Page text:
How much of our empathy is down to genes?

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(Ana Sandoiu/ Medical News Today) — When you’re going through a tough time, some people seem to know almost instinctively what you need, while others, although well-intended, may not be able to offer the emotional support you’re hoping for. Is this because the ability to empathize is innate, or down to our genetic inheritance? 

Roughly defined as the ability to put yourself in somebody else’s shoes, or to “feel their pain,” empathy may seem — at least at first glance — similar to kindness or selflessness, which are things very much within our control and willpower.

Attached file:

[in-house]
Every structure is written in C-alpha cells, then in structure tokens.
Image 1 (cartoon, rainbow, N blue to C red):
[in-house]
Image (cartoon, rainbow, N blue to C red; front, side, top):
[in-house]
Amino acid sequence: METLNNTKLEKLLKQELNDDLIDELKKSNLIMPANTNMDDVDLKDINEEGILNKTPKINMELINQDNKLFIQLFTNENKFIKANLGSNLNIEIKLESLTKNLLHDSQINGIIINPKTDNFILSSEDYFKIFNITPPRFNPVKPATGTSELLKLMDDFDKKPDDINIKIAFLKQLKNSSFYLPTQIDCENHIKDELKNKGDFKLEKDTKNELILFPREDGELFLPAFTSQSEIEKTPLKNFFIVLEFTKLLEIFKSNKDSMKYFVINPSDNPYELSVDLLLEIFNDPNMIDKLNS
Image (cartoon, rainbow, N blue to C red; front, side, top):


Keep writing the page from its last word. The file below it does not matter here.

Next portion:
However, there are many neurological and genetic underpinnings behind this deeply humane feeling.

For instance, recent research has shown that low levels of the hormone oxytocin might be responsible for low empathy, and other studies have shown that damage to certain brain areas can cause people to have less or no empathy at all.

Now, a study forays into the genetic roots of empathy and makes some interesting discoveries. (…)

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